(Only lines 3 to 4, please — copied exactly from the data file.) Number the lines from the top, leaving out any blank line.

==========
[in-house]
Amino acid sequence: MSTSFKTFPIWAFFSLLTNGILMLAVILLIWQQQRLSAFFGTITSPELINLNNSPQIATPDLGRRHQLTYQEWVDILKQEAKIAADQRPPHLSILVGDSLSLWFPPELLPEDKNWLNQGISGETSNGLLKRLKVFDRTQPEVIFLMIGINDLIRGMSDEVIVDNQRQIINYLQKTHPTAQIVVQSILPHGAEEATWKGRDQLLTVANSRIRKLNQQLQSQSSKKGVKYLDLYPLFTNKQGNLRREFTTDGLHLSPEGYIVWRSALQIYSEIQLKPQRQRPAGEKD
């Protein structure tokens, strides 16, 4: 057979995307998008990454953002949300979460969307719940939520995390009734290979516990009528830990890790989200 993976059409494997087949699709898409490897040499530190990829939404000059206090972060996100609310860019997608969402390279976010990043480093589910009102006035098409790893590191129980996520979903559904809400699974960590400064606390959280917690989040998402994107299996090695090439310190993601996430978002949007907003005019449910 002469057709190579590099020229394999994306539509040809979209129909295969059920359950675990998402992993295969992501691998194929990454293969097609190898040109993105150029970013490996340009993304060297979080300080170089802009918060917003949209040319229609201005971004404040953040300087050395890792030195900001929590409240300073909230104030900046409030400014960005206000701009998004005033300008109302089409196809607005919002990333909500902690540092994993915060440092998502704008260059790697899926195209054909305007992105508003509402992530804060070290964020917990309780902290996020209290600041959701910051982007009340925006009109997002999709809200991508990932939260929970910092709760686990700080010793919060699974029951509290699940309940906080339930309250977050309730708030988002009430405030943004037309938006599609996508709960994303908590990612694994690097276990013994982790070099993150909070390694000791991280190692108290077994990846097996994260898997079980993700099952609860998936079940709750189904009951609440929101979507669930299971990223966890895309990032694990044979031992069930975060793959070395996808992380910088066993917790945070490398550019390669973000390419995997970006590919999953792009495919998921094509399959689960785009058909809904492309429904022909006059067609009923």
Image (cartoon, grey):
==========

């Protein structure tokens, strides 16, 4: 057979995307998008990454953002949300979460969307719940939520995390009734290979516990009528830990890790989200 993976059409494997087949699709898409490897040499530190990829939404000059206090972060996100609310860019997608969402390279976010990043480093589910009102006035098409790893590191129980996520979903559904809400699974960590400064606390959280917690989040998402994107299996090695090439310190993601996430978002949007907003005019449910 002469057709190579590099020229394999994306539509040809979209129909295969059920359950675990998402992993295969992501691998194929990454293969097609190898040109993105150029970013490996340009993304060297979080300080170089802009918060917003949209040319229609201005971004404040953040300087050395890792030195900001929590409240300073909230104030900046409030400014960005206000701009998004005033300008109302089409196809607005919002990333909500902690540092994993915060440092998502704008260059790697899926195209054909305007992105508003509402992530804060070290964020917990309780902290996020209290600041959701910051982007009340925006009109997002999709809200991508990932939260929970910092709760686990700080010793919060699974029951509290699940309940906080339930309250977050309730708030988002009430405030943004037309938006599609996508709960994303908590990612694994690097276990013994982790070099993150909070390694000791991280190692108290077994990846097996994260898997079980993700099952609860998936079940709750189904009951609440929101979507669930299971990223966890895309990032694990044979031992069930975060793959070395996808992380910088066993917790945070490398550019390669973000390419995997970006590919999953792009495919998921094509399959689960785009058909809904492309429904022909006059067609009923």
Image (cartoon, grey):